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View of Gisborne, New Zealand; things to do in Gisborne

Things to do in Gisborne, New Zealand

Gisborne Cruise Stop

As New Zealand’s easternmost city, “Tairawhiti” is “the coast upon which the sun shines across the water” before it shines across the country, and for that matter, the rest of the world. Renamed after the colonial secretary at the time, Gisborne also enjoys other ‘firsts’ because of its location in North Island’s eastern ‘horn’. It was where Captain James Cook first landed after his cabin boy saw the landmass that was to become New Zealand. Four centuries before that, it was also where the first Polynesians – who would later become the Ngati One One tribe whom Captain Cook met in 1769 – made landfall in north-eastern New Zealand. Given its colourful past, Gisborne today is a place brimming with history, Mediterranean-like beaches and the best Chardonnay on this side of the Pacific.

That history is relived in Gisborne every time cruise ships dock in Poverty Bay. As your ship enters the port, it will be greeted by ‘waka’ or migratory canoes, the same way Captain Cook was received by the locals almost 250 years ago. Join a history hunt ashore to meet the descendants of Ngati One One and listen to their version of ‘Te Unga Mai’ or ‘The Arrival’ in beautifully carved ‘marae’ or indigenous meeting houses. Then make a jaunt to the Cook Landing Site National Historic Reserve on Kaiti Beach – the same stretch of coast said to be the first landfall of Maori ‘waka’ – and clamber up ‘Young Nick’s Head’, the promontory sighted by Cook’s cabin boy, for sweeping views of the city and the bay.

As most cruises depart from Sydney and make calls on New Zealand’s major ports which are themselves gateways to the country’s largest wine-growing regions, you will have the chance to sample the best of each one, with Gisborne leading in the production of Chardonnay, Merlot, Pinot Gris and seldom heard of varieties like Gewurztraminer, Viognier and Malbec. (To the south, the port of Napier receives visitors eager to sample Hawke’s Bay’s full-bodied Bordeaux. Picton, South Island’s major cruise hub, is gateway to Marlborough’s Sauvignon Blanc. Timaru, the alternate port to the recently damaged port of Christchurch, brings you to the renowned Pinot Noir of the Canterbury Plains.) Join a winery tour which departs just before noon in time for lunch and wine-tasting in one of the three cellar doors that you will get to visit on your five-hour journey into Eastland’s 2,000-hectare vineyards.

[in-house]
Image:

Alternately, join the bandwagon as it trundles along Eastwoodhill 30 minutes out of the city and into country farms and undulating hills dotted with ponds, gardens and an arboretum. You may opt to see the rolling country, the city and the bay, and highlights of the greater Eastland region such as White Island, the Motu River Valley and Mount Hikurangi, on a scenic helicopter tour. If you still have time before the ship leaves, browse Gisborne’s main shopping district a few minutes’ walk from where your cruise ship docks for memorable local crafts or Gisborne Wine Centre at The Esplanade for bottles of world-class Chardonnay.

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